Adventure Travel

When you think of taking a vacation do you dream of relaxing on a beach? Or does your mind turn to something a little wilder -- an African safari or agritoursim chores?

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From dining in the gondola of a hot air balloon to eating under the sea, here are five unique dining experiences you may not believe, but may want to try.

By Jennifer Walker-Journey

Jacob's Ladder on St. Helena Island is 699 steps of straight-up climbing, so difficult that you get a certificate if you make it to the top.

By Jesslyn Shields

The multi-colored bands of The Wave are considered one of the most photogenic — and photographed — natural wonders in North America, but you need a permit to visit. Oh, and water!

By Laurie L. Dove

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Boiling Lake in Dominica is the second-largest boiling lake in the world. The trek to get there is arduous and long, but it's well worth the effort.

By Katy Spratte Joyce

'Star Wars' super fans can now be part of their own epic voyage with Rey and Kylo Ren. How? Just board the Halcyon Starcruiser into the Star Wars galaxy.

By Allison Troutner

In a tale so crazy it's true, Pitcairn Island is home to just 50 people, descendants of the HMS Bounty mutineers, who hid there more than 200 years ago. And the island is now looking for more residents.

By Melanie Radzicki McManus

Though they are far too hot to bathe in, with temps over 200 degrees Fahrenheit, the seven hells of Beppu are renowned for their colors — and for the crocs that inhabit one of them.

By Katie Carman

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Whether to deepen faith or just to have some time for personal reflection, thousands of people walk, ride or bike el Camino de Santiago, an ancient pilgrim's route, every year. Want to join them?

By Valerie Stimac

Made of glass, the harrowing Coiling Dragon Cliff Skywalk will test the mettle of anyone brave enough to challenge its heights.

By Carrie Tatro

All roads on the Pan American Highway end in the Darién Gap, a dense jungle that separates Panama and Colombia. What makes trekking this area so dangerous?

By Allison Troutner

The Republic of Nirivia, an imaginary micronation comprising a group of islands in Lake Superior, was founded in the mid-1970s mostly in jest, by a small group of Canadians who wanted to see a pristine natural area preserved.

By Patrick J. Kiger

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Some call it an artists colony, others a squatters' paradise. Either way, it attracts lots of visitors, billing itself as the last free place in America. So, what's it really like?

By Dave Roos

If light pollution has obscured the night sky over your head, check out one of 178 designated International Dark Sky Places in 21 countries on six continents around the world.

By Katy Spratte Joyce

It's located in the Pacific and part of the Northern Mariana Islands, and played a major role in WWII. Here are seven things you need to know about stunning Saipan.

By Suzie Dundas

Scattered all over the globe in oceans, lakes and seas, are fascinating underwater ruins that once thrummed with the daily lives of the people who inhabited them. So how did they end up underwater?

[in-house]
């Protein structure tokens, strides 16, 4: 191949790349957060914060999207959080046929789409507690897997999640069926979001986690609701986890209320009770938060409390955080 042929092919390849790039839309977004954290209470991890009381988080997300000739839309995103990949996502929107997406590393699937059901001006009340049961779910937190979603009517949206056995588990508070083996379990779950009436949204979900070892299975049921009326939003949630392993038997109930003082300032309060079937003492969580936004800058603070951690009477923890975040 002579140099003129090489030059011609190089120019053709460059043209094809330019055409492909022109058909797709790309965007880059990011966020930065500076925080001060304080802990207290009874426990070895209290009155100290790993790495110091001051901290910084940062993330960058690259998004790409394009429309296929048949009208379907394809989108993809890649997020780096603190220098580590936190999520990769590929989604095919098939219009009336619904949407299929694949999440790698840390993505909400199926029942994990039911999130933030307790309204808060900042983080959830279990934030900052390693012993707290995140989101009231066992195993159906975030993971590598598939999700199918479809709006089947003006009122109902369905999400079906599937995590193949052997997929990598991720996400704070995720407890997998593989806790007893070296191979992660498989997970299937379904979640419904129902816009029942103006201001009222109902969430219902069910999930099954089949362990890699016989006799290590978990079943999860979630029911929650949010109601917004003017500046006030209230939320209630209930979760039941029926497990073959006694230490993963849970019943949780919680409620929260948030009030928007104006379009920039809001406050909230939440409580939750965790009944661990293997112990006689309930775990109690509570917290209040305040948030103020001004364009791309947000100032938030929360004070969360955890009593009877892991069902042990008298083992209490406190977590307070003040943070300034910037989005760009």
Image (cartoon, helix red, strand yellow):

By Mark Mancini

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One of the largest caves on the planet, Hang Sơn Đoòng houses a forested space called "Watch Out for Dinosaurs" because of its primordial appearance.

By Mark Mancini

According to an 1885 pamphlet, a man named Thomas J. Beale buried a treasure somewhere in Virginia, and left behind what appeared to be coded messages about its location. But was it all just a hoax?

By Patrick J. Kiger

Crater of Diamonds State Park is the only public diamond mining site in the U.S. Thousands of people have dug up their own gems over the years. Some even struck it rich.

By Caroline Eubanks

Here's an Australian town where you can eat, sleep and play, all below the surface. Not surprisingly, it's starred in many movies too.

By Caroline Eubanks

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The Happiness Museum in Copenhagen explores happiness across the globe, including how it varies across regions, and why some countries, such as Denmark, are happier than others.

By Stephanie Vermillion

President Lyndon Johnson signed the Wild and Scenic Rivers Act into law in 1968 to protect U.S. rivers for future generations. Here are seven fabulous rivers you should check out.

By Katie Carman

Some folks love stargazing so much, they're willing to build their lives around it. Welcome to Deerlick Astronomy Village, where you can live the astronomical life full-time — or just visit for a dark sky party.

By Nathan Chandler

The taiga biome stretches from Alaska to Mongolia, and it's super-cold. You can totally live here, though not too many people do.

By Stephanie Vermillion

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Lake Baikal is a massive, ancient lake in the mountainous Russian region of Siberia. It's home to nearly 4,000 different species, earning it the nickname the 'Galapagos of Russia.'

By Stephanie Vermillion

A reclusive millionaire hid a treasure somewhere in the Rocky Mountains between Santa Fe, New Mexico, and the Canadian border in 2010. Some lucky hunter finally found it.

By Cherise Threewitt